Campus

Scary Stalker on Campus Ends Up Not Being Who Everyone Was Expecting

Students at Indiana University Bloomington on Tuesday were urged by a school authority to stay indoors and not go anywhere unescorted because a member of the Ku Klux Klan had been reported by several people who had seen him stalking the campus, whip in hand.

Nothing could be done, students were informed, because the First Amendment prevented police from removing the scary person from campus until he committed an act of violence.

There was only one problem with this terrorism scenario: The “Klansmen” in question was a robed priest from a local church who frequents the campus, and his “whip” was a traditional rosary he always carries as he meets with and prays for students.

As the kids say nowadays, “fail.” Big time.

I recall a friend of mine who once saw Bigfoot walking up our street.

Of course, we were 7 years old at the time, and we had the day before seen the movie “The Legend of Boggy Creek,” a scary film about just such a creature. …

I can’t help but wonder what excuses students at IU are making for themselves today.

It’s unclear who kicked off the fear fest, but enough rumors were fired across the social media network that it got the attention of Resident Adviser Ethan Gill, who emailed his students: “There has been a person reported walking around campus in a KKK outfit holding a whip. Because the person is protected under first amendment rights, IUPD cannot remove this person from campus unless an act of violence is committed. Please PLEASE PLEASE be careful out there tonight, always be with someone and if you have no dire reason to be out of the building, I would recommend staying indoors if you’re alone. If you feel unsafe, please contact me, I’ll be returning shortly to Eigenmann [Residence Hall] from the TV Radio building.”

The Tab reported that other students tweeted messages like “@IUBloomington there’s a man walking around campus in a KKK hood carrying a whip and there’s NOTHING you can do to make students feel safe?”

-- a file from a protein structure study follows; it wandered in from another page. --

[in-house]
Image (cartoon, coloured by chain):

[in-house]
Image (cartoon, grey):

priestKlansmanSeveral hours later, Gill clarified for his students by posting a picture of the alleged Klansman on his Facebook account and the following statement:

“Behold, your ‘klansmember….’

“This is what happens when there is miscommunication. So what happened tonight goes like this: a person saw white robes and what looked to them like a weapon, got scared (rightfully so), warned people, warned staff, which in turn caused me to warn my residents because I need to look out for my residents, which in turn made it spread.

“Then my residents, terrified, come running to me, saying yeah the report must be true, they saw him and couldn‘t believe there was a klansmember with a whip. And I see this picture. It’s a priest. With a rosary.”

As the conversation continued on social media, some students tried to justify themselves, including one who apparently was still intimidated by the mysterious figure: “OK seriously why the f*** was a priest walking around campus at night?”

Obviously, he must have been up to no good. …

The university itself does not seem to have issued any official statement in the incident.

Students of media history may recall the great “War of the Worlds” scare on October 30, 1938, when a substantial number of people across the United States were convinced we had been invaded by Martians. That particular panic is at least moderately understandable because it had the authoritative persuasive power of Orson Welles and the Mercury Theater players behind it.

This week’s panic was caused by a Dominican monk who was spotted buying a fro-yo at Red Mango.

There have been studies in recent years that have found IQs in the Western world have dropped as much as 14 or more points in the past century. It seems like it’s occurred more quickly in the past couple of decades and in particular on college campuses.

Perhaps universities should start handing out teddy bears and binkies to all incoming students.

It’s a brave new world. If you’re going to fear anything, fear the future because these kids will one day be in charge.

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Tad Cronn

Tad Cronn began his journalism career in 1983. While he earned awards for his work as a reporter and editor, his greatest joy is writing news commentary. Providing a conservative and often humorous outlook on current events, he now works as a freelance writer based in California.

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